President Conoley addresses budget deficit

An $11 million Cal State Long Beach budget deficit may result in an increased availability of online classes, a delay in new renovation projects and a “strategic chilling” of the number of tenure-track hires, according to President Jane Close Conoley.

The university is developing ways to mitigate the shortage for the 2018-2019 school year.

Conoley sat down with the Daily 49er Thursday, where she explained that the university had learned the severity of the budget shortfall last week from Provost Brian Jersky and Chief Financial Officer Scott Apel.

Originally, the university predicted a worst-case budget shortage of $7 to $8 million for the 2018-2019 school year if Gov. Jerry Brown allocated the $92.1 million to the Cal State University system after the May Revision.

According to Conoley, the current deficit is a combined result of Brown’s proposed funds to the Cal State system and a lower amount of revenue from tuition costs over the 2017-2018 school year.

While no definite plan for handling the debt is in place, Conoley said the university is in the process of finding solutions to bridge the gap.

Due to an excess of graduating students during the 2016-2017 school year, the school is missing $5 million in tuition-based revenue. While the number of graduating students was high, the university admitted its typical number of 8,200 students, leaving a deficiency in funds.

“We can fix some of that,” Conoley said. “But we can’t fix it overnight…What we didn’t anticipate was 400 extra students graduating.”

Conoley attributes this jump in graduation rates to the statewide Graduation Initiative, which intends to increase four-year graduation rates among Cal State and University of California students. While the university predicted that rates would rise from 16 percent to 19 or 20 percent, Cal State Long Beach saw a jump from 16 percent to 25 percent in the 2016-2017 school year.

“It’s kind of good news, students were finding classes they needed to take to graduate,” Conoley said. “So they didn’t have to stay an extra semester if they didn’t want to.”

As a result, the university intends to alter its targeted number of enrolled transfer and freshman students from 8,200 to 9,000 accepted applicants.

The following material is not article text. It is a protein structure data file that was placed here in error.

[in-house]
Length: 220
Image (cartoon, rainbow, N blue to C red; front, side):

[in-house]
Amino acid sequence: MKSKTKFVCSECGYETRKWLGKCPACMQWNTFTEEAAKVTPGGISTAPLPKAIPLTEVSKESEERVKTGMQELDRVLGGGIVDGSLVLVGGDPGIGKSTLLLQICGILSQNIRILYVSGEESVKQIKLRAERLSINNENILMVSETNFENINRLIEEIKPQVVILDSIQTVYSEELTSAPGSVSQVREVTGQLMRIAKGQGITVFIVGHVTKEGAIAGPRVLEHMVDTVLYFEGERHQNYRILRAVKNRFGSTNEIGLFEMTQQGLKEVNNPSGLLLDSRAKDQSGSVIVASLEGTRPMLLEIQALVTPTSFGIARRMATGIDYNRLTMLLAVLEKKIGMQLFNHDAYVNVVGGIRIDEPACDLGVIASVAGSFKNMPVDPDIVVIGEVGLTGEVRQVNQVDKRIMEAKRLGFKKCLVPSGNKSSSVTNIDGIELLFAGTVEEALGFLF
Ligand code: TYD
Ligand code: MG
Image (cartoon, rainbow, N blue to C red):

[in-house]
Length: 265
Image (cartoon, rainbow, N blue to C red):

Additionally, the university intends to slow down its tenure-track hiring for departments with lower enrollment in what Conoley called a strategic hiring “chill.” Conoley said this plan was strategic because all departments will not be equally impacted — for example, departments with a low professor-to-student ratio will still be considered for hires, as will departments that are considered promising studies in their fields by the university.

“About 70-80 percent of our budget is in salaries, so when you want to do something about deficits you immediately turn to salaries,” Conoley said. “Because that’s where the money is residing.”

Although Conoley did not elaborate on which departments would be affected by the hiring slow-down, she said new tenure-track hires for the 2018-2019 school year would not be affected.

Additionally, the university is planning on expanding its online courses to increase funds, which Conoley said, is a relatively untapped source of revenue. While the campus has a limited number of full-time spots for students trying to enroll, students engaging in online certificate courses are not included in the enrollment count.

“My current best thinking is that through [the College of Continuing and Professional Education] we could increase our online offerings,” Conoley said. “I think that would be a way we can protect our state-side students from fees.”

The last component of the university’s developing plan is to further delay new on-campus renovation projects, though in-progress construction and renovation will not be halted. According to Conoley, the general CSU system is awarded $15 million in “one-time money” for deferred maintenance. However, she explained that the university could really use somewhere in the ballpark of “$100 million” to make all of the necessary renovations on campus.  

“Some of those buildings should be levelled, and we should build multiple story buildings [in their place]. We only have this much land, so we shouldn’t be building one-story things…” Conoley said. “[But] how much money do you put into a building that isn’t really worth it anymore?”

The changes for the upcoming spring commencement, as reported by the Daily 49er, will also be helping the university with mitigating the budget gap. Conoley said the change in both venue and schedule of ceremonies for the 2017-2018 commencement is saving the university approximately $60,000 in overall costs, while $40,000-$50,000 of that new revenue being provided by reduced shuttle services.

The university would have saved $13,000 by cutting live music from the commencement ceremonies, but according to Conoley, backlash from the graduating students encouraged administration to seek other methods of trimming costs.

“Certainly the live music turned out to be such an important thing, that we said, ‘Well, then it’s not worth it,’” Conoley said. “It’s not worth making people miserable.”

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